If you’re craving good food and a good time with plenty of alcohol, Miami’s got an almost-infinite list of options to keep you entertained and well-fed. Here’s our round-up of the best restaurant bars in the city.
Employees Only Miami
Restaurant, Bar, Cocktail Bar, Italian, American, $$$
After first opening in New York City in 2004, the famous cocktail bar debuted a location in Miami a year ago, and it’s still got a busy crowd buzzing every night. The dimly lit Art Deco space feels like a prohibition bar, where bartenders serve classic cocktails with Golden Age elegance. Guests can enjoy a selection of seafood appetizers, or entrees like pappardelle with zucchini and staples like the NY strip steak. There’s even a corner nook decorated with wicker chairs where guests can sit and get a Tarot Card reading from a psychic!
Plaid walls and retro red booths bring back 80s nostalgia at The Anderson. The restaurant-bar set in what used to be the Magnum Lounge, plays classic 80s and 90s tunes from its vintage jukebox while serving deliciously crafted cocktails named after famous tunes like “The Like a Virgin” and “The Let’s Dance” (which are both just as good as the songs). Craving a bite? Their ‘Munchies Menu’, created by Chef Alex Chang & Chef Orsenis Perez, offers finger food like nacho fries, tacos and veggie burgers.
Housed in the Freehand Hotel – also home to the Broken Shaker– the 27 Restaurant serves up an eclectic menu of Caribbean, Latin and Middle Eastern plates, all in a charming pastel-toned interior with picnic tables. Their bar serves beer, wine and cocktails with fun names like “Bee’s Knees, Ah Geez” or the “Star of Joshua” made with Don Q Cristal rum and starfruit, fresh lime juice and Peychaud’s.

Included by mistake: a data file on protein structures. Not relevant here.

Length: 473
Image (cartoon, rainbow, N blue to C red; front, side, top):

Located in the heart of Wynwood, the wood-fired, Asian-inspired restaurant-bar boasts intoxicating cocktails and the best bao buns you’ve ever tasted. The menu created by Chef Michael Lewis and Steven Haigh offers a brunch, lunch and dinner menu with favorites like tuna tataki and Thai fried rice with pork sausage. Plus, the happy hour extends Tuesday to Saturday with draft beer, wines and specialty cocktails as well as reduced-priced bites. The only downside is this hotspot gets pretty packed for dinner, so make sure you make a reservation.
The very stylish Byblos is as popular for its interior décor as its Eastern Mediterranean food and wine. The high-ceilinged restaurant furnished with tufted sofas in blue and yellow gives diners a taste of the Levant with small, bite-size dishes like falafels and Turkish manti dumplings in a yogurt sauce. A cocktail menu serves classics like “Old Cuban” with Ron Zacapa rum, citrus, bitters, mint and Veuve Clicquot Brut champagne, and “Mule Royale” with Belvedere vodka, crème de pêche, ginger syrup, lime and grapefruit.